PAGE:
We were able to bring along some donations with us to be spent toward the mission and Paolo was vigilant in accounting for all he spent, itemizing each day where the money went (i.e. food for the profoundly poor outreach families, feeding centers, Christmas decorations for the children at the state orphanage, bunk beds and cement to made an extra room for a needy grandmother and her grandchildren, varnish to preserve the tables in a community center, as well as outings for the children of Dorie’s Promise). When we returned home, we were able to give those who generously gave a clear picture of how they contributed.
Besides working to help the special mothers in daily chores and care of the children and participating in the outreach projects, we PLAYED lots of soccer, played with play-dough, enjoyed several craft projects, and many more fun activities. I noticed when we entered one community, the playground was empty. By the time we finished our service project, the word had gotten out that Paolo and Abel were in town and the children began to gather for a highly anticipated soccer match. What energy and joy the mission brought to the day of these children, as well as an affirming message of them being valuable!
The unity of the children at Dorie’s promise was impressive, many of them strangers who bonded as a family. The younger sat on the lap of the older and the older spontaneously nurtured the younger, all the while learning what a loving, nurturing relationship is. This other-centered nurturance was one that many may not have experienced in their family lives and were being taught in the orphanage by the special mothers and staff. We witnessed love, respect, and cooperation throughout our stay by staff and the children. Even the older teens like Brayan sat and made Winnie the Pooh hand puppets with the younger children with as much enthusiasm. They played soccer together with all ages, combining in a loving family atmosphere of mutuality.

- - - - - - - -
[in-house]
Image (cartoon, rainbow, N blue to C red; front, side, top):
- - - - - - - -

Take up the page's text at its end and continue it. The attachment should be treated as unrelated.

Not all our craft projects were successful. The felt butterfly pins we made with the young girls at the state orphanage would not stick together because we brought the wrong glue. It was a disaster! Glue was everywhere and after the project, as we toured the facility, we saw butterfly antennae, wings, and spots all over the ground. We felt disappointed. Suddenly the girls passed us by with huge smiles on their face, proudly wearing their butterfly pins as if they were priceless pieces of jewelry. We realized that in that disaster of a project, they found beauty and we had reached them by just giving them our time and effort . . . those MOMENTS that build self-worth and affirm their value.
The quality of care given at Dorie’s Promise was like being in an oasis in the desert. The children are well taken care of, and their program is individualized and sensitive to the unique needs of each child. The exposure to the community, wrought with poverty and violence, made us appreciate the blessing of this program for the children who are fortunate enough to be there.
It is a program of HOPE . . . for each of these children are given a chance to be in a caring environment that attends to their physical growth and safety; their intellectual development, promoting aspirations and dreams for their future; as well as providing a spiritual atmosphere pivoting around the love of God and gratitude for his blessings.
We look forward to the newsletters we receive and marvel at the growth of the children already since our mission there. We know they probably don’t remember us now, but we feel confident that the common message of worth given by all the missioners by carving out time for them will have a lasting effect on them and help them to continue to grow into God-loving, giving adults who will in turn open their loving hearts to others.
If you’d like to experience a missions trip like Anita and Michael’s click here to watch our video and request more info.